Don’t Worry, Be Happy!
Someone asked me the other day how I’d managed to train myself not to worry. Truthfully, I’m not completely sure. It didn’t happen overnight. It was the result of a series of insights, knowledge acquired and decisions made along the path of life.
But make no mistake; it wasn’t accidental. I was clinically depressed for 30 years, starting at around age 4 or 5.
That is likely when the worry loop started for me. In my 30s there came a point when I realized that worry was making me more depressed and often physically sick so I began to look for solutions.
Here is what I’ve learned so far (and I’m still working at this):
Lesson #1 – Worry is caused by fear and action cancels fear every time.
When I was a kid, I suffered from what I call school night insomnia. I would lie awake for hours in a panic about what was going to happen to me the next day when my teacher found out I hadn’t done my homework. In order to distract myself I would sneak into the bathroom and read mysteries, scrutinize my face in the mirror and chronicle its shortcomings or, when I was really desperate, I would rearrange the items in my father’s medicine chest alphabetically (he hated that)! And in all those years of suffering from lack of sleep not once, NOT ONCE did it occur to me to sneak into the bathroom and…you guessed it…DO MY HOMEWORK!
Lesson #2 – Worry is using your imagination to attract something you DON’T want.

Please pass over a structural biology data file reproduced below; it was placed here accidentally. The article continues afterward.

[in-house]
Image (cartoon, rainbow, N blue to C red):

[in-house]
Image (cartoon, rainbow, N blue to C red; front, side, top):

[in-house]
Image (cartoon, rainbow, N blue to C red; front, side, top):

When I first heard my spiritual teacher Esther Hicks say this I felt electrified, in a good way. It really rang true for me. Those of us who are adept at worrying could put Stephen King to shame with our imagined horror scenes. The Law of Attraction works like this: you attract more of what you focus on (which, by the way, is why I don’t read King’s novels). If you don’t want to attract it, do everything you can to distract yourself from thinking about it. Some of my tools include meditation, watching a movie or TV show, playing online Scrabble (this one’s great because I can do it on my cell phone while in bed), or tapping into memories that make me happy. What are some of your tools?
Lesson #3 – Is everything okay right this minute?
The answer to this is most often yes. Worry is always about the future.
Lesson #4 – Do you have any control over what you’re worried about?
If the answer is no, then what the heck are you doing? If it never happens, you’ve made yourself sick for no reason. If it DOES happen, then you’ve not only suffered during the actual event but all the minutes/hours/days you spent worrying about it.
I’ve lived in earthquake country for over two decades. People ask me, “How can you do that? Aren’t you scared?” and the answer is no. I grew up in Massachusetts and can remember many times in my childhood when we had to “batten down the hatches” because a Nor’easter was coming. It was terrifying. For days I would wonder about when it would hit and whether it would take the roof off the house or worse. What I like about earthquakes is that there is no warning. They last for a short period of time and once the earth stops shaking you’re either dead or you’re not. I’ve been in two—one minor and one major and so far so good.
The funny thing about worry is that we use it as a way to comfort ourselves and it has just the opposite effect. Our fear drives us to seek control and we think that’s what we are doing when we worry but what we continually come to face with is our utter lack of control. So my final lesson (so far) is this one:
Lesson #5 – Surrender
We are all powerless over people, places and things. Once you truly get that to your very core, you will find it much easier to give up worrying because, if you’re honest with yourself, nearly everything you obsess about are things over which you have no power. If you are worried about something over which you DO have power, then refer to Lesson #1.